Sunday, April 25, 2010

Could Any NFL Player Be Had in Exchange for Draft Picks?

CC image from ian_ransley on Flickr.

In the NFL, teams can trade players, cash, and draft picks. The value of future draft picks depends on many things (more on this later), but these picks unambiguously have positive value.

Because of this, is no NFL player untouchable, as his value can be exchanged for draft picks? For instance, say that we could compute a value of 100 points (on some scale) for Peyton Manning. In theory, a team could send 100 points worth of draft picks (maybe that's two picks next year, or maybe that's three years' worth of picks) to the Colts in exchange for Manning, and both sides would be happy.

The value of a draft pick many years down the road has a wide variance. The trading team's record the year before (which determines its draft position), the receiving team's needs, and the overall strength of the draft class are all unknown. Additionally, draft picks in the far future are worth less than draft picks today, because of greater uncertainties and the pressure to succeed today. But presumably teams could discount the value of future picks accordingly and be able to trade gobs of picks for today's star players.

Perhaps star players usually stay put because of the endowment effect. In other words, people put higher value on things they already have. A good example is something like tickets to a big game. If you already have the tickets, it might take $200 for you to part with them, but if you don't have tickets, you might only be willing to pay $100 to purchase them. Your valuation of the tickets is inconsistent, as it depends on whether you already have them. In this case, perhaps the Colts value Manning at 200 points while the rest of the league only values him at 100 points.

Additionally, general managers have an incentive to win now. Maybe it would be smart to trade Manning for three years' worth of picks, but the Colts would immediately suffer in the short term, and the GM might be fired long before the team sees the value of these future picks come to fruition.


Robert LaHue said...

I would say yes, in theory, any player could be had for enough draft picks. But, for the reasons you point out, particularly endowment effect, it's highly unlikely teams will trade away star players for draft picks unless they're already being shopped around (i.e. Jason Campbell).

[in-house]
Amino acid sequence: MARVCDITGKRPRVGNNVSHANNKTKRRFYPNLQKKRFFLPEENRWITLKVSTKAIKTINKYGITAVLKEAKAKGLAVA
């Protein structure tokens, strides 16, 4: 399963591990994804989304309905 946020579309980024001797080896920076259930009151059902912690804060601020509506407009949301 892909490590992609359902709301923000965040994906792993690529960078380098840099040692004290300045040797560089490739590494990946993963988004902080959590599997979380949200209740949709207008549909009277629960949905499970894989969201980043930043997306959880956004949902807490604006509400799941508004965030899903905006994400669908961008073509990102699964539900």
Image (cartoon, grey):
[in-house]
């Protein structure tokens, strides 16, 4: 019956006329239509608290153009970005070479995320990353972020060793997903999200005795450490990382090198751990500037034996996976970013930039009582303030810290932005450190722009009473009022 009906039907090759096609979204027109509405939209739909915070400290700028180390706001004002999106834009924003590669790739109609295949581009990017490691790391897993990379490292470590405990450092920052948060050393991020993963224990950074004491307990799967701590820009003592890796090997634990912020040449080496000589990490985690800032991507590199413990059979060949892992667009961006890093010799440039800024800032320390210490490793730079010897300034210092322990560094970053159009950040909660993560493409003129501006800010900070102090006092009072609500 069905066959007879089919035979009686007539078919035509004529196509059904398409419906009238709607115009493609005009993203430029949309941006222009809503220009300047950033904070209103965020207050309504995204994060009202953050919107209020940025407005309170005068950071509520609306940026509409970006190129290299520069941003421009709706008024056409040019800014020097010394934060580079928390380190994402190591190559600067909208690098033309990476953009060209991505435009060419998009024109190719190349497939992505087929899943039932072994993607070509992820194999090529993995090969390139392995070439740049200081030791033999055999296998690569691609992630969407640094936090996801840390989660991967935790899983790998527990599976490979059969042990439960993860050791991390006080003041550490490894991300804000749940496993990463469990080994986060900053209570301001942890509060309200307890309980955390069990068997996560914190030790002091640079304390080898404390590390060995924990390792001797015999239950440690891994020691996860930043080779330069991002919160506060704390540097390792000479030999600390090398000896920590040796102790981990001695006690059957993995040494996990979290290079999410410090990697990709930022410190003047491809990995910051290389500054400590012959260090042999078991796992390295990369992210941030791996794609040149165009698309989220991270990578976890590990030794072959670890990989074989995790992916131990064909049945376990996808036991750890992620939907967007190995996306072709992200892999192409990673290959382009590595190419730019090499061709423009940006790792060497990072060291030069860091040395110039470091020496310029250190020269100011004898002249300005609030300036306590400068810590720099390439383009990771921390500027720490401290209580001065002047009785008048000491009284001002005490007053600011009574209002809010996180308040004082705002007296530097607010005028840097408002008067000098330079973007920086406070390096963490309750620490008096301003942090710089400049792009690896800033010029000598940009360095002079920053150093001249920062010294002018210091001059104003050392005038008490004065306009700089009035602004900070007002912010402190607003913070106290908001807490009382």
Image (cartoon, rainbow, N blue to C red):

Another aspect I think that tends to keep teams just trading picks back and forth during the draft is that teams have developed a point-value system for all the given picks in a draft.

An example chart:

So, let's say a team is using this exact chart and has the #10 pick (1,300 points) in the first round, and the team with the #17 pick (950 points) calls up and wants to trade. Provided Team A feels the mid-first round picks are lackluster, Team B could offer #17, their second round pick and either a 4th or 5th rounder, roughly equal the point values, and pretty much guarantee the deal.

So that's why you're seeing the one team every year that trades down two or three times in the first time, each time chopping down two or three picks. They're primarily doing it to accumulate the mid-and-late-round picks.

Greg Finley said...

I'd never seen anything like that draft-value chart. That's a good way to roughly quantify the problem. Thanks for sharing that.

Also, did you just use "star player" and "Jason Campbell" in the same sentence? :)

Robert LaHue said...

Yeah, didn't realize that mistake until it was too late.

I still thought Campbell could have had a shot at being a decent quarterback. Until he went to the Raiders. Now he's just screwed.